Tuesday, November 18, 2014

Truth About Ourselves

By: Philip Hemphill, Ph.D.
Program Director: Professional Enhancement Program

Are we really interested in knowing the truth about ourselves? With all of the innovative social platforms that people can use to present themselves today, a new global self-esteem issue has also risen. People can choose the way they are portrayed to others on the internet on sites such as Facebook, Instagram, Twitter, Tumblr, and the list goes on. Instead of offering an opportunity to socialize and share, this behavior has been received with intense judgments of all sorts- both internally and externally.

Some social media users have been found to alter photographs of themselves, lie about weight or careers, and even invent relationships with made up accounts in order to self-promote and satisfy their need for acceptance. Some users follow hundreds of strangers’ accounts in order to increase their social circle, and thus receive more feedback. There is a plethora of accounts that are not people, but are made specifically for real users to “follow” so they in turn can increase their own follower count by association. The vast influx of followers increase activity on one’s page and further satisfy their need for attention and appreciation.

Recently, the conjunction of social media and self-esteem has taken a more serious turn as individuals with real mental health problems have taken to social media to aid these desires. Some “tags” have been removed from sites like Instagram because masses of adolescents were using the site to find and share “thinspo”, or “thinspiration”. When adolescents are so impressionable and have such a wide variety of opportunities they can choose with the click of a button, it is no surprise that things can get out of hand should a behavioral abnormality evolve.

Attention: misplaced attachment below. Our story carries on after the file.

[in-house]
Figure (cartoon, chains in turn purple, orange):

An odd development occurred on the website Reddit, an entertainment, social networking, and news website that allows users to upload their own content. The content can become a worldwide phenomenon due to the close knit community of users. Nonetheless, there is a place for any and every type of information, stored on its own topic specific page called a Subreddit page. One Subreddit page caused backlash because it was titled “AmIUgly?” Anyone can anonymously post their photo and more anonymous users can vote accordingly. There are over 45,000 subscribers.

Why would someone ever want to ask Reddit to judge how attractive they are? We all saw this scene from ‘Social Network.’

This page obviously sparked a strong response from the mental health community and the rest of the internet, as individuals with eating disorders were the highest population posting and being judged by thousands instantly. The reason for the attraction to this frenzy which obtains followers is to receive the most feedback possible from others which can confirm a grossly distorted belief system.

If you were to ask your coworkers how attractive you are do you think you would get the most honest answer? There is a level of safety in no one knowing who you are while judging you, and there is an assurance that people will answer you truthfully because you don’t know who they are. Thus explains the irony of social media and true social interaction. People misrepresent their real selves- for whatever personal reason- on social media profiles, and then in order to receive some real feedback, everyone else dishing it to them must be anonymous.

The Internet and the world of instant socializing are here to stay, what really needs to be done is the setting of standards in our own community. When it’s realized that the invincible feeling that anonymity brings can be harmful to others, we can stop feeding the egos of those who have self-esteem or even worse issues. When we stop being superficial in our use of social media ourselves, we can start using it for what it was created for- enhancing actual and fulfilling interaction.

Dr. Hemphill is the Director of the Professional Enhancement Program at Pine Grove Behavioral Health and Addiction Services. The Professional Enhancement Program (PEP) is a comprehensive continuum of integrated behavioral health treatment services for professionals offered through Pine Grove, one of the nation’s leading treatment facilities. PEP is designed to help professionals with addictions and addictive illnesses, disruptive behavior, boundary violations, personality disorders, interpersonal difficulties, and vocational issues.

Visit www.pinegrovetreatment.com or call 1-888-574-HOPE (4673) for more information.